New notifiable events and the declaration of intent
Against the backdrop of PSA21, on 8 September 2021, the DWP published a consultation seeking views on changes to the notifiable events regime. In addition, the Government confirmed that it will press ahead with the introduction of a “Declaration of Intent” to be provided to TPR in relation to certain events.
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In this Alert
- Trustees and sponsoring employers of DB schemes are required to notify TPR of certain events relating to the scheme and/or the employer (known as “notifiable events”). Examples of existing employer events include breach of a banking covenant or a decision to cease trading.
- The draft regulations will introduce two new notifiable events, focusing on material sales and granting or extending certain security. Acknowledging its ineffectiveness, given that a director is unlikely to admit to it, the draft regulations will also remove the existing requirement to notify wrongful trading.
- Introducing an additional layer of potential notifications, a notice and accompanying statement will need to be provided to TPR in certain circumstances.
- We understand these changes are likely to come into force in 2022.
The Government’s 2018 consultation, “Protecting DB Pension Schemes – A Stronger Pensions Regulator”, looked at enhancing TPR’s powers. To this end, changes are due into force this autumn which will boost TPR’s ability to impose criminal and civil sanctions. In particular, going forward, breach of the notifiable events regime or the requirement to provide an accompanying statement without reasonable excuse will be punishable by a potential civil penalty of up to £1 million.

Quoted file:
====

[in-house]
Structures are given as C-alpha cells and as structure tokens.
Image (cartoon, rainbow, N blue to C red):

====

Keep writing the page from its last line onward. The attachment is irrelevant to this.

The purpose of the notifiable events regime is to assist TPR in reducing the risks of situations arising that may lead to calls on the PPF. In its 2019 response to consultation, the Government proposed two new employer-related notifiable events:
- a sale of a material proportion of the business or assets of a scheme employer which has funding responsibility for at least 20% of the scheme’s liabilities
- the granting of security on a debt to give it priority over debt to the scheme.
In addition, the Government announced that it would introduce a new “Declaration of Intent” to be provided to TPR in relation to certain events.
The draft regulations lay the groundwork for both of these new additions.
However, recognising the complexity and variation in the structures of multi-employer schemes and the potential challenges in establishing whether a particular threshold of liabilities has been met, the proposed 20% threshold described above has been removed.
Both of the new events will apply to all employers when a decision “in principle” has been taken. This is defined as “a decision prior to any negotiations or agreements being entered into with another party”. This is intended to coincide with the point at which an employer decided to go ahead, eg to sell the asset, and to then start negotiating the specific terms and to draw up the contract. It is at this point that the impact on the pension scheme and any mitigation that may be required should start to be considered.
As such transactions frequently indicate a change in covenant support for a pension scheme, a notifiable event will be triggered where there is a decision in principle to sell a “material proportion” of a DB sponsor’s business or assets.
A material proportion of the business of the employer is defined as one that accounts for more than 25% of its annual revenue, either on its own or together with other disposals decided upon or completed in the 12 months prior to the date of the notifiable event. Assessed in a similar way, a material proportion of the assets of the employer will be one that accounts for more than 25% of the gross value of its assets.